Thursday, February 12, 2009

The problem of grade level team meetings.

When I taught in MS202 in Ozone Park, I taught in isolation. When I had a “difficult class” I hid it from my colleagues. I wasn’t about to admit I was having trouble. I never asked for help, and I never shared anything that was happening in my class with anyone other than the students in front of me. I was a good teacher at least I thought.

I mocked teachers who spoke about school on their lunch break. I felt that administration was the enemy. Basically I closed my door, did what I thought was right, then went home.

I was never asked by colleagues or administration about why students were successful in one class and not another. What did I care if Johnny couldn’t read that was the English teacher’s job? What did I care if Debra had artistic talents beyond her peers? Wasn’t that the Art teacher’s job? And Math….lol I thought it was a waste of time.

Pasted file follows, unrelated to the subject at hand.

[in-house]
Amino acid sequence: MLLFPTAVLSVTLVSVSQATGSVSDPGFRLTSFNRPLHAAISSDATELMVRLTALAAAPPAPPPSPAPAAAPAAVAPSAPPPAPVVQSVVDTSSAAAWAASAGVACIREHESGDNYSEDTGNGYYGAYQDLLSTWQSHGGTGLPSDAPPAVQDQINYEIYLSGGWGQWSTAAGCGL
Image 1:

I worried only about my class, I was only concerned with my teaching history. Not my students. I was worried about my “teaching”. After all, it was the only thing I could control.

Then I came to QHST. I really had to start thinking about much more. I was asked to participate in CFGs. I was nervous of being exposed as a fraud. That peers were just going to laugh at me. What the hell do I know? What the hell do they know? Why would they care about what happens in my history class? I was standing in front of math teachers, a music teacher and veteran English teacher explaining how I teach. I immediately thought this was crazy, against my union contract, and not what I went to school for. The uncomfortable feeling prompted my to call a teacher from my previous school and explain, “ugh…the meeting I had today was a waste of time.” (That was easier than sharing how uncomfortable I was)